Ahmadinejad: No Gays, No Oppression of Women in Iran

Students Honor Right to Speak

Despite the controversial Iranian leader's history of making inflammatory statements and his suspected terrorist ties, many students said he had a right to speak at the Ivy League school. And some support for the president was evident in signs and banners posted around the campus alongside those condemning his visit.

"I'm not protesting his right to speak," said sophomore Sarah Brafman, 19. "I'm protesting him and his administration's policies."

Brafman said she was not speaking on behalf of any organization, but she, like many students protesting Ahmadinejad's visit, wore black T-shirts distributed by a group calling itself the Columbia Coalition.

For each sign placed on the wall of a building or on a sidewalk protesting the speech, another supporting the Iranian president, or attempting to paint his regime in a positive light, cropped up next to it.

Posters that purportedly showed two gay men that had been beaten at the hands of the Iranian police hung next to signs that read "Iran had the second most Jewish citizens in the Middle East next to Israel" and that its parliament had Jewish and Zoroastrian lawmakers.

A Policy Protest

Many of the students protesting Ahmadinejad's visit insisted that despite earlier media reports, the tenor of the protest was less about banning the president from campus and more about protesting his policies.

Those policies include being "anti-free speech, anti-women's rights, anti-gay rights and calling for the annihilation of a U.N. member state," said Lauren Steinberg, 20, a junior and a political science major.

"Now that he's here, it is important we challenge him," she said.

A number of those who make up Columbia's Iranian student body, many of them women in head scarves, were also present at the center of campus.

Zeinab Fard, a 25-year-old graduate student studying economics, estimated there were more than 100 Iranian students at Columbia.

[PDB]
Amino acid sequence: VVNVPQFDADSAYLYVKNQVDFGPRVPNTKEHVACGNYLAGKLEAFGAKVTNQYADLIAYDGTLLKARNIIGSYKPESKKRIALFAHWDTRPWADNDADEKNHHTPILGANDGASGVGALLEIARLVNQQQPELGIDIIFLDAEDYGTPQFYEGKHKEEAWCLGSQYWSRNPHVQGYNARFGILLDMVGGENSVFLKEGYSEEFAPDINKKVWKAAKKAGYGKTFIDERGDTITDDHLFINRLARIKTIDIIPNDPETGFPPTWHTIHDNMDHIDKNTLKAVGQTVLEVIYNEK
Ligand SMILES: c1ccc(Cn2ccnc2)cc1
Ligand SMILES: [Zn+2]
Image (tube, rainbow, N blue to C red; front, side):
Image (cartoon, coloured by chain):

"It's good that Ahmadinejad is speaking here directly and not through the filter of the American media, which sometimes twists his words," she said.

"Iranians have never bothered the United States, and America has many times attacked Iran. It is important that Americans hear what he has to say. He has a right to be here," Fard said.

One member of the Iranian community said Ahmadinejad did not represent the values of a large part of the country, but his presence on an American university campus was an important symbol to the American people.

"Many Iranians know he is a bit crazy," said Atefeh, the 26-year-old Iranian wife of an engineering student who asked that only her first name be used.

"He was supported mostly by the poor and uneducated. It is good that he is here because this is an occasion in which many Americans will get to learn about the beautiful country of Iran for the first time."

Despite reports that the Iranian government has supplied Iraqi insurgents with materials to kill Americans, one student, a military veteran who served in Germany outfitting U.S. jets with bombs, said Ahmadinejad had a right to speak.

"It is really important that he's here and a dialogue has opened up," said Aaron Bliese, 27, a creative writing graduate student.

"Didn't we learn anything from the last four years? Maybe if we had sat down with Saddam in the first place, and listened to what he had to say, the war could have been diverted. It's important to have a forum."

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